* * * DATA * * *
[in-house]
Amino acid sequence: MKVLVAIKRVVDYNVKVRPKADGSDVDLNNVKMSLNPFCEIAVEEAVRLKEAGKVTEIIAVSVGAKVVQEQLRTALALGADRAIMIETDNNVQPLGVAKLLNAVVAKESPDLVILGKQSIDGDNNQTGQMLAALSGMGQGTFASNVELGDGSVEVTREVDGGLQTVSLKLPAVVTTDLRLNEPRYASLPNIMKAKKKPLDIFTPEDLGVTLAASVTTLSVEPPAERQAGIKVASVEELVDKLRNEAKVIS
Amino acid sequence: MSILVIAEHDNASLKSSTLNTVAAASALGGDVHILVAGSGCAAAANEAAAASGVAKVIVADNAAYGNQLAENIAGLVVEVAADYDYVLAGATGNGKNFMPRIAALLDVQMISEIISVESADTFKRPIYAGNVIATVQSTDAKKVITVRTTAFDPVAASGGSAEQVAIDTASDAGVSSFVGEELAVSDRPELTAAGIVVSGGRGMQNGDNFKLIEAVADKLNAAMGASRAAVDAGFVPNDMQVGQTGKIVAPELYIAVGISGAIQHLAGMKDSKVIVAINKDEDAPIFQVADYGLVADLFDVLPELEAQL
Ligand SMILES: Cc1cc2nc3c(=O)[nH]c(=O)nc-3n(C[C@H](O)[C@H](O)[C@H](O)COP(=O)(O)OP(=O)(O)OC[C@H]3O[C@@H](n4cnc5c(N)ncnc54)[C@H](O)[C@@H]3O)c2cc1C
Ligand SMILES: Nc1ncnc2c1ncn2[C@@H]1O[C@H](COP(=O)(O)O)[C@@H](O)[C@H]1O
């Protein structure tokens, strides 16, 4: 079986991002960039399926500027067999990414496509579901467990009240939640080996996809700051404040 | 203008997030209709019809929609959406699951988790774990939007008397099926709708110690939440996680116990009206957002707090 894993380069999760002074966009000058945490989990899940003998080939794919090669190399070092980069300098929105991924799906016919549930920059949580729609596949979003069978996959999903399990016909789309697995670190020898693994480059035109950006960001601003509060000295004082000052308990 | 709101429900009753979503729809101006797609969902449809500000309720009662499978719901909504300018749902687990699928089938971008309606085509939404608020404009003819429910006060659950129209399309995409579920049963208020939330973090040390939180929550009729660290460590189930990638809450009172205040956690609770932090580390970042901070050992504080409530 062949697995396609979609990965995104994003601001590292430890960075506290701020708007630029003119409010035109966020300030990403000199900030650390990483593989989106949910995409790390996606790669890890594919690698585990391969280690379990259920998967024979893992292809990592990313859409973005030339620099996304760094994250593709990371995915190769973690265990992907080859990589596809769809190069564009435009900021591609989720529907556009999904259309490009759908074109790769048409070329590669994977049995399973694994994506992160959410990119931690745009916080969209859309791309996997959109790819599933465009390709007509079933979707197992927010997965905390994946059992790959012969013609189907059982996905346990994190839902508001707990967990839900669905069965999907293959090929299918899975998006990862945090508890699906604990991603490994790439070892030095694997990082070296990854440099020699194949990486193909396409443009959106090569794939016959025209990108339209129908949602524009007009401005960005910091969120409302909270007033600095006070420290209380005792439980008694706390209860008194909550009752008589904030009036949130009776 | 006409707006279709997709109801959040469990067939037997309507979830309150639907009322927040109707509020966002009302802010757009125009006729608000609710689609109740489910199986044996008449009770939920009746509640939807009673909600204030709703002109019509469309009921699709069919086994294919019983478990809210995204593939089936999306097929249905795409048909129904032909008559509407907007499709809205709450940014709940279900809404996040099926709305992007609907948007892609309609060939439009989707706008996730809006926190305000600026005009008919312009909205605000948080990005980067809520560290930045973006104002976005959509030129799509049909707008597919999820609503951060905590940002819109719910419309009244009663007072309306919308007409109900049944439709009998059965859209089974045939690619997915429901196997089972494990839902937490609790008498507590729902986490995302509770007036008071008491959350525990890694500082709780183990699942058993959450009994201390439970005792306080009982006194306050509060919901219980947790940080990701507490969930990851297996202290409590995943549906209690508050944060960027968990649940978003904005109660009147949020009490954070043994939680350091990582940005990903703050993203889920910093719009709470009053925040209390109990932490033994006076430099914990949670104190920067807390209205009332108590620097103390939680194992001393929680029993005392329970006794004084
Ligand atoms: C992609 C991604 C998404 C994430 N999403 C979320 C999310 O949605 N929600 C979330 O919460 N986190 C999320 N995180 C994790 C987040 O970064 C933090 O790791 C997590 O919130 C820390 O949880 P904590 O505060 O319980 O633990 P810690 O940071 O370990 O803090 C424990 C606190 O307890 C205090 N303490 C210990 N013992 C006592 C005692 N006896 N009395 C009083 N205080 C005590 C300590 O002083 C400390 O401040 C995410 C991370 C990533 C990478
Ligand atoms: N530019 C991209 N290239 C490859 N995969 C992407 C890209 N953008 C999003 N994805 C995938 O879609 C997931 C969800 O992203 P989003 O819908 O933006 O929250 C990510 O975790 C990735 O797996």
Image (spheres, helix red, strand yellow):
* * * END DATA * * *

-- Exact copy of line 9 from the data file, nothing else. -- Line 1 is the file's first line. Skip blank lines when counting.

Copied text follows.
Image (spheres, helix red, strand yellow):